#1. Be aware that Ramadan is taking place

Send an email pan-organization to create awareness about this festive month. Establish who this festival is for and how it can affect them. 

Ask your managers in a separate email to stay conscious about the workloads of their remote Muslim team members during their fasting periods; maybe even ask them to lighten their workloads if possible. If there are things that can’t wait, you may allow them the flexibility to work after they break their fast – which brings us to our second point.

#2. Add flexibility to their working hours

Offer your remote Muslim employees the freedom to take time off during regular working hours. Additionally, allow them the flexibility to change their shift times and work at varied hours. They will be mostly energetic at night during this month, hence most productive. Offer them these flexitime options and they will be grateful for your thoughtfulness.

#3. Abstain from zoom meetings that coincides with their ‘iftar’

Iftar or the nightly feast that breaks the fast is not a really good time to conduct meetings and events. They will be energy-drained. Also, they will be spending this time in prayers, meditation, virtual gatherings, and feasts. 

If a meeting is important, use the morning hours where they are relatively energetic.

#4. Organize virtual games

Time to get your party planning committee into action. Ask them to come up with an engaging and highly interactive game where the primary focus could be on Ramadan and your remote Muslim workforce.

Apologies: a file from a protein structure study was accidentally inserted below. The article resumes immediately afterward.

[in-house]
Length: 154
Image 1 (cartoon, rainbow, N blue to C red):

#5. Plan something big for Eid ul Fitr

Eid-ul-Fitr marks the end of this month-long fast. This is the biggest celebration of the year for Muslims – like Christmas is for Christians. 

We’ll leave the planning to you here. Tell us in the comments section how you will plan this major event and set another new standard HR leaders have been known for during this pandemic.

Ramadan at WFH is a new and interesting way to express yourself as a caring and inclusive employer. Try and use this important time to build a greater trust with your workforce and improve team dynamics. 

More articles


Please enter your comment!
Please enter your name here

Latest article

Discrimination at Modern Workplace

After enforcing these policies also personal prejudices and unconscious biases still are there and sometimes affect others drastically.

How You Can Recognize Your Employee ‘Fatigue’

Fatigue is when tiredness increases and is not relieved by either sleeping or rest. It affects someone’s life or even their performance at work.

Time for HR Leaders to Stand Up and Be Counted

We have to accept that it is a shock for some, the headlines are crammed with sentiment heralding a 'new normal' for the 21st century.

Ramadan at WFH: 5 Ways To Support Your Remote Muslim Employees

Here are 5 simple steps you can take for your remote Muslim employees to celebrate Ramadan at WFH and make them feel valuable.

HR Issues and Expectations Dominating Workforce During COVID

With the increasing demands of HR, the HR issues and expectations have also increased.